People remember Thomas Jefferson mainly for the Declaration of Independence, which he wrote in 1776. Some remember that he served as president from 1801 to 1809, but aside from that, few know much more of his life and work. In fact, he lived until 1826, when he died on July 4th, fifty years to the day after the ratification of his Declaration.
During those fifty years, Jefferson’s intellectual life bloomed. He was an inventor, a horticulturist, and especially a philosopher.
What’s also lost to history is that Jefferson was convinced he and the other founders of American self-government were losing the fight for freedom, and badly.
In his last years, after a lifetime of learning and experience, Jefferson had one thing preeminently on his mind: the principle of decentralization.
Jefferson didn’t use the words “centralization” or “decentralization,” of course. Rather, he used the common words of his time: consolidation and distribution. Obviously they meant the same things.
Here’s a direct statement on the subject, from his autobiography, written in 1821:
It is not by the consolidation, or concentration, of powers, but by their distribution, that good government is effected.
This statement put Jefferson at odds with political leaders, as he writes in a letter to Judge William Johnson in 1823:
I have been blamed for saying that a prevalence of the doctrines of consolidation would one day call for reformation or revolution.
The following passage is from a letter to Judge Johnson, written in 1822:
finding that monarchy is a desperate wish in this country, they [successors to the Federalist Party] rally to the point which they think next best, a consolidated government. Their aim is now, therefore, to break down the rights reserved by the Constitution to the States as a bulwark against that consolidation, the fear of which produced the whole of the opposition to the Constitution at its birth.
Notice his primary points:
- Political parties were pursuing centralization, as was in their interest.
- The parties were trying to steal the power of the individual States and to centralize it in one city. Furthermore that they were degrading the Constitution to do so.
In a letter to William T. Barry in 1822, Jefferson refers to the Marbury v. Madison decision of 1803, a decision that American schoolchildren are taught to revere. Jefferson, however, considered it a disaster. He writes,
The foundations are already deeply laid by [the Supreme Court’s] decisions for the annihilation of constitutional State rights, and the removal of every check, every counterpoise to the engulfing power of which themselves are to make a sovereign part.
If ever this vast country is brought under a single government, it will be one of the most extensive corruption, indifferent and incapable of a wholesome care over so wide a spread of surface.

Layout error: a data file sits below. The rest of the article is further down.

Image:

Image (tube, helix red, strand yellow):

The Marbury v. Madison decision was first of all astonishing, because it maintained that the man who wrote the Constitution, James Madison, didn’t understand it properly!
More importantly, however, it granted the right to interpret the constitution to the Supreme Court, taking that right away from the states. This decision massively consolidated power in Washington.
It’s also central to this point that both Jefferson and Madison – the authors of the Declaration of Independence and the Constitution respectively – had felt compelled to write resolutions in 1798 (the Virginia and Kentucky Resolutions) to preserve the constitutional position of the states, which was being overridden by the Federalists, during the presidency of John Adams.
Here is one final passage from Jefferson, from a letter to William B. Giles in 1825, half a year before his death:
I see… with the deepest affliction, the rapid strides with which the federal branch of our government is advancing towards the usurpation of all the rights reserved to the States, and the consolidation in itself of all powers, foreign and domestic; and that too, by constructions which, if legitimate, leave no limits to their power.
The Man Was Right
Jefferson wasn’t right on every detail, of course, and the path to consolidation had some detours, but overall he was quite correct:
Lincoln’s Civil War enslaved the states to the national government (nothing in the Constitution forbids secession) and the events of 1913 (the income tax, stripping the states of their power to appoint senators and a central bank) brought the entire nation under the control of a single city: Washington DC.
And so the United States became something like an empire, even though (thankfully) some decentralization remains.
The nation was not to be structured this way. Jefferson saw it coming and warned us.
Time has proved this man… this philosopher… to have been quite right.